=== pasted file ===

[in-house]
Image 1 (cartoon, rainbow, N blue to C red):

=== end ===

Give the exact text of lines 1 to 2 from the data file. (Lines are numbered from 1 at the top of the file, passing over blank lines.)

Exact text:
[in-house]
Image 1 (cartoon, rainbow, N blue to C red):